Scientific Writing = Thinking in Words

Paperback - February 2011 - AU $29.95

eBook - February 2011 - eRetailers Google Books Kobo

Encourages scientists to write confidently and explains the principles that make communicating research easier.

Telling people about research is just as important as doing it. But many researchers, who, in all other respects, are competent scientists, are afraid of writing. They are wary of the unwritten rules, the unspoken dogma and the inexplicably complex style, all of which seem to pervade conventional thinking about scientific writing. + Full description

This book has been written to expose these phantoms as largely smoke and mirrors, and replace them with principles that make communicating research easier and encourage researchers to write confidently. It presents a way of thinking about writing that emulates the way good scientists think about research.

It concentrates on the structure of articles, rather than simply on grammar and syntax. So, it is an ideal reference for researchers preparing articles for scientific journals, posters, conference presentations, reviews and popular articles; for students preparing theses; and for researchers whose first language is not English.

Scientific Writing = Thinking in Words expounds principles that produce scientific articles in a wide range of disciplines that are focussed, concise and, best of all, easy to write and read. As one senior scientist observed, ‘This book not only made me a better writer; it made me a better scientist’.

- Short description


"All in all, this book is pleasant and instructive reading for both experienced and early-career researchers in any scientific field."
Simone Fattorini, Biological Conservation, Vol 157 (1), 2013

"This book is a terrific and concise volume… Overall, I would thoroughly recommend this book, especially for students and postdocs who are just beginning to tackle the sometimes overwhelming prospect of writing up their research. The book provides true value for money and is well worth the $30 investment. The best aspect of the book is that it practices what it preaches – the writing is clear, concise, and easy to read. Furthermore, the book provides very practical tips on how to overcome some of the hurdles many people find difficult."
Rebecca Lew, Australian Biochemist, Vol 42 No 3 December 2011, pp. 45

"Lindsay’s aim is to demystify the art of good scientific writing and he has achieved it brilliantly in this little book… I enjoyed reading this book very much and found that it was just what I was looking for to improve my own science writing skills and I can recommend it highly."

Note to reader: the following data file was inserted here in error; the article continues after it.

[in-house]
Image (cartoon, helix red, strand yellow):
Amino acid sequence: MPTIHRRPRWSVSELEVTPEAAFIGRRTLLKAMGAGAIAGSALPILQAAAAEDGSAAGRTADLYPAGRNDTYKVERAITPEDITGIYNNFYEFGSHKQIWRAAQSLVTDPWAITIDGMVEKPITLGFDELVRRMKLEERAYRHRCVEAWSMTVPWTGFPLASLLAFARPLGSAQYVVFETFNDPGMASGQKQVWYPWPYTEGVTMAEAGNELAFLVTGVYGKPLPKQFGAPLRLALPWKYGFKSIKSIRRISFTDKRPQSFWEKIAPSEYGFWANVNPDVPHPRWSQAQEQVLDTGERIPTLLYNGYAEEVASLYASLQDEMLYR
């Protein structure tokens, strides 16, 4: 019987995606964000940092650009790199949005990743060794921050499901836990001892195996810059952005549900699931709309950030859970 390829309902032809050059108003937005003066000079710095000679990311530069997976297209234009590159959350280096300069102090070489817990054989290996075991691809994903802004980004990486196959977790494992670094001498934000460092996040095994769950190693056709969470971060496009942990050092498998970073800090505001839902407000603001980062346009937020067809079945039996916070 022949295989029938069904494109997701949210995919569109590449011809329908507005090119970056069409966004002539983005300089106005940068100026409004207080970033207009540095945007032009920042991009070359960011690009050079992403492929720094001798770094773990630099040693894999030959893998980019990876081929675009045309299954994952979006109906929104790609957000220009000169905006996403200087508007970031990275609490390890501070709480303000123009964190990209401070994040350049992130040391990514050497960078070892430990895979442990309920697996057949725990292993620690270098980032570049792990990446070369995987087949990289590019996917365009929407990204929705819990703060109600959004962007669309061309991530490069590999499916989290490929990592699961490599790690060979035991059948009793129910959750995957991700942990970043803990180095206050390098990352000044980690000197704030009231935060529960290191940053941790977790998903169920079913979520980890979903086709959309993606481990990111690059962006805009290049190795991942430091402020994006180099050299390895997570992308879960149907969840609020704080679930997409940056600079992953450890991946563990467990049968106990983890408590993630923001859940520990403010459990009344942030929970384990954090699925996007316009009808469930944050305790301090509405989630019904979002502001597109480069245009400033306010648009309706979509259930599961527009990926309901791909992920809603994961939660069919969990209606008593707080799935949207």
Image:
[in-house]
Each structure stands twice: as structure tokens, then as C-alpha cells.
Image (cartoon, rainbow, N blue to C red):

Chris Cargill, Australasian Systematic Botany Society Newsletter 147–8 (June–September 2011), pp. 23-24

"This is a great book. At nearly 130 pages, it is chock-a-block full of plain-speaking ideas for how to construct and then write your scientific paper, give your talk, set out your poster, write your thesis or review, and even write for non-scientists… As a science communicator, I found the section on writing science for non-scientists fascinating… Scientific Writing = Thinking in Words should be read by every scientist."
Louise Goggin, AMSA Bulletin 185 Issue 2, 2011

"Lindsay’s nitty-gritty guide to style and clarity covers all aspects of scientific writing for both text and oral presentation. This concise guide demonstrates through good and bad examples how a well-reasoned and well-expressed argument helps focus thinking to make a memorable impact."
S.E. Wiegand, Choice, Vol 49 No 1, September 2011


Paperback | February 2011 | $ 29.95
ISBN: 9780643100466 | 128 pages | 245 x 170 mm
Publisher: CSIRO Publishing

ePDF | February 2011
ISBN: 9780643101579
Publisher: CSIRO Publishing
Available from eRetailers


  • Relates scientific writing with scientific thinking in a way that no other book on scientific writing has attempted to do
  • Concentrates on the structure of articles and presentations and the principles behind designing a logical structure, rather than on English grammar and syntax
  • Deals regularly with the specific problems of authors whose native language is not English



Getting into the mood for writing
What is a ‘good’ style for scientific writing?
The fundamentals of building the scientific article
Getting started

The Title
The Introduction
The Materials and Methods
The Results
The Discussion
The Summary or Abstract
The other bits
Editing for readability and style

The text for oral presentation at a scientific seminar
Design and preparation of posters for conferences
The review
Writing science for non-scientists
The thesis


View the table of contents.


David Lindsay was a researcher and teacher in animal biology and behaviour at the University of Western Australia for 33 years. He initiated courses in writing scientific papers and wrote A Guide to Scientific Writing in 1984. Now retired from active research, he teaches scientific writing to scientists all over the world.